KKR: Greed May Be Good – But Too Much Risk? Never
Whenever I think of the movie Wall Street, I’m transported back to the 1980s era of financial excess…
The movie came out in 1987 and, like many others, I became a stockbroker partially inspired by the exciting (if morally questionable) business portrayed in the film.
Reportedly, various figures went into making the character of Gordon Gekko. But when I think of him, what comes to mind is the granddaddy of leveraged buyout firms: Kohlberg Kravis Roberts & Co.
Most notably, one of the firm’s original partners, Henry Kravis…
Leveraged Buyout King
Kohlberg departed the firm in the late ‘80s. Later, the company took a portion of the firm public, which is now known simply as KKR & Co. L.P. (KKR).
But before that transformation, KKR was a pioneer of the modern-day leveraged buyout firm, which is the primary reason I think of it when I watch Wall Street.
Gordon Gekko famously bought out Bluestar Airlines in order to break it up and sell its parts off for profit.
The real KKR, led by Henry Kravis, gained worldwide fame in 1988 for the leveraged buyout of RJR Nabisco.
It was the biggest buyout ever up to that point.
Needless to say, the firm was turning a tidy profit in its heyday. For the most part, it’s continued to do so up through today.
But the story for the shareholders of the publicly traded KKR is a little different than it is for the partners of the firm.
And since (potentially) that’s us, what I’m interested in are the dividend and prospects for capital appreciation…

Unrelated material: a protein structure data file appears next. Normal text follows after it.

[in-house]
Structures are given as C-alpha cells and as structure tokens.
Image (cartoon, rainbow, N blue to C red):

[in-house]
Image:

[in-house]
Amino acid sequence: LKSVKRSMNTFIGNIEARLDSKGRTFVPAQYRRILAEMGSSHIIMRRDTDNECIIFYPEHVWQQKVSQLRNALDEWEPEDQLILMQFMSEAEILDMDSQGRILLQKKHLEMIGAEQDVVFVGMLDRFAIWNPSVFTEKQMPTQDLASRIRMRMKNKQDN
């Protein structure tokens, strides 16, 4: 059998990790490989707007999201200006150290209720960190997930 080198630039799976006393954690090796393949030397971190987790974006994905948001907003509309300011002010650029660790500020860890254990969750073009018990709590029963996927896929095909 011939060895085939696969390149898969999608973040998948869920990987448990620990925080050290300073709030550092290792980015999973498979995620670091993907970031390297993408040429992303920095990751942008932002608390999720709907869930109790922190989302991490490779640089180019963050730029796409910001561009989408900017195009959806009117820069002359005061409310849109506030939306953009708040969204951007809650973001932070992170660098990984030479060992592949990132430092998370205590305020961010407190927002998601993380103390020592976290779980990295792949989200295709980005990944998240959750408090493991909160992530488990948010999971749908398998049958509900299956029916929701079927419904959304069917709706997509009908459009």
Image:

Perspective is Everything
The dividend is on the high end, amounting to an annualized yield of 7.91%.
Nevertheless, the company is short on history, with dividends payments stretching back to just 2010.
Further, the stock’s performance ranges from terrible to outstanding – depending upon when you bought it, that is.
Had you purchased the stock on the day it IPO’d, you’d have suffered through tremendous volatility and, absent the dividend, you’d still be at a loss.
The stock opened at $23.25 back in 2007, and trades for less than $21 today.
What’s worse is, in 2009, the stock dropped to $1.90 per share, a loss of almost 92% of its value from the price it opened at in 2007.
On the other hand, had you bought it near its lows of 2009, today you’d be celebrating nearly an 11-fold return.
Which brings us to the big question: Can it go higher – and continue to pay the dividend – moving forward?
Well, KKR has been posting a mix of impressive and concerning numbers.
Assets under management totaled $83.5 billion as of June 30, 2013, up from $78.3 billion as of March 31, 2013.
Fee-related earnings were $98.2 million for the second quarter and $186.2 million for the first half. That’s up from $69.8 million and $143.1 million in the same periods of 2012, respectively.
On the downside, net income for the second quarter was $15.1 million, and for the first half of 2013 it was $208.6 million. That represents a drop from $146.3 million and $336.7 million in the same periods of 2012, respectively.
Altogether, we’re looking at a decline in net income of more than 89% for the second quarter.
In my book, that’s more than enough trouble for me to walk away.
Bottom line: When a company displays such variability in its net income and stock price, an 8% dividend is nothing more than a yield trap.